The benefits of a combined cognitive and functional-task based exercise program for older adults with mild cognitive impairment: preliminary findings from a pilot study

Mrs Luciana Theodoro De Freitas1, Adjunct Professor Tilley Pain1,2, Associate Professor Fiona Barnett2

1Queensland Health, Townsville, Australia, 2James Cook University, Townsville, Australia

Background: Dementia is a leading cause of disability worldwide including Australia. Effective interventions are urgently needed to prevent or slow progression of the disease and its overall burden to the person, community and health services. It is known that 14% of people with Mild Cognitive Impairment (MCI) can progress to dementia. Although, no high-quality evidence exists supporting pharmacologic and non-pharmacological intervention for MCI, exercise programs show promise. This pilot-study aimed to identify the feasibility and acceptability of a combined cognitive and functional-task based exercise program.

Method: A mixed methods approach using qualitative and quantitative measures was used. Outcome measures for the quantitative data included cognitive and functional assessments. Initial and post intervention assessments included Neurobehavioral Cognitive Status Examination, Verbal Fluency Test, Verbal Learning Test, Trial Making Test A and B, Lawton Instrumental Activities of Daily Living Scale and Problems in Everyday Living Test. Individual interviews were conducted with caregivers and participants of the ten-week intervention program.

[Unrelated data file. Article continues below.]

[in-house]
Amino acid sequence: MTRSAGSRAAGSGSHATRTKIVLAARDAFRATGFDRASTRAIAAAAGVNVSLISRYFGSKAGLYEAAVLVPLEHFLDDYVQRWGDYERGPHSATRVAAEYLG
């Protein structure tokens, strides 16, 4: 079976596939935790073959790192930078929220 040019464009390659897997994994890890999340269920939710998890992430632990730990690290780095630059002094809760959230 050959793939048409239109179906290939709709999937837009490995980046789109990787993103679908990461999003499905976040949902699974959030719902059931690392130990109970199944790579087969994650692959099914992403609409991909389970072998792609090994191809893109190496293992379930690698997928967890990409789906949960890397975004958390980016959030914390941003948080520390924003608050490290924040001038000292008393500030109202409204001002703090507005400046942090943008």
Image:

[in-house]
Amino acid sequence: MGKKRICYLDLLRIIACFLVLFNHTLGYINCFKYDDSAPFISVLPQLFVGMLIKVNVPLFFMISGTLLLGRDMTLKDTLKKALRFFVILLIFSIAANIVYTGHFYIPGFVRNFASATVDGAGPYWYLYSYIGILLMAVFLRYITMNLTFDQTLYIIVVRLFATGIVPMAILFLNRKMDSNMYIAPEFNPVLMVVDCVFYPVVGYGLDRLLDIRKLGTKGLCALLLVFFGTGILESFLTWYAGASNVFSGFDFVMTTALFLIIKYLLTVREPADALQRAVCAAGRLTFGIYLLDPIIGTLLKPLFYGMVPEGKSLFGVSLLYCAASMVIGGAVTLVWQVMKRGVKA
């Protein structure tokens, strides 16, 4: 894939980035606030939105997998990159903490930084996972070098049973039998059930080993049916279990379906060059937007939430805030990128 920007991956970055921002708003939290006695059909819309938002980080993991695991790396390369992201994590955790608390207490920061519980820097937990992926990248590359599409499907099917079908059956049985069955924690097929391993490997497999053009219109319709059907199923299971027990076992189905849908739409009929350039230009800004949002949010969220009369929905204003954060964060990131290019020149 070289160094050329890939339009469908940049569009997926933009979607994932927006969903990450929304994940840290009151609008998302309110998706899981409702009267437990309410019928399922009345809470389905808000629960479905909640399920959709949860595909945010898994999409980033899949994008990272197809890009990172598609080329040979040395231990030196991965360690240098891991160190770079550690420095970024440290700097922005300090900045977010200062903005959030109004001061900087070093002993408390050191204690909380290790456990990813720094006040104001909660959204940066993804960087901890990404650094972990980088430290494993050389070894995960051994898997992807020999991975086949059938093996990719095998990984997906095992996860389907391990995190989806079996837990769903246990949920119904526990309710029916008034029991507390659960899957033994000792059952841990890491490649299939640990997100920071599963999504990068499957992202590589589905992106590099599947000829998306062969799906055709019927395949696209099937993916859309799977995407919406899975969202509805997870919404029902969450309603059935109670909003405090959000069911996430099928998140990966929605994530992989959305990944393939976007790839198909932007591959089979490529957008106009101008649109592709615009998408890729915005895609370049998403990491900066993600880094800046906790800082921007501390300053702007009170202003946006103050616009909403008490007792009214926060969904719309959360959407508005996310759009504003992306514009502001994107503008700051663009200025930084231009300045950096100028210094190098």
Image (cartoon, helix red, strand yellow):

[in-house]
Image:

Results: Approximately 80% of the 23 participants completed the program demonstrating its acceptability. Interim results show significant improvements in several cognitive and functional areas. The improvements demonstrate the non-pharmacological intervention is beneficial for people at risk of dementia. The qualitative findings suggest the program is viewed positively by participants and caregivers. Some of the benefits described by the participants are evident in their activities of daily living including development of strategies to remember important tasks such as taking medication.

Conclusion: The combined cognitive and functional-task based exercise program demonstrated significant improvement on cognitive and functional abilities for people with MCI. Non-pharmacological interventions can be used safely as a health promotion program minimising the dementia burden in the current aging population.


Luciana is a passionate Occupational Therapist currently employed as a Clinical Research Coordinator in Queensland Health in collaboration with James Cook University.  She has a strong commitment for evidence based approaches and values research through clinical experiences. Her current research explores interventions which improves not only cognition but occupational engagement for people with mild cognitive impairment. She is highly interested in research within aged care and adult mental health population.

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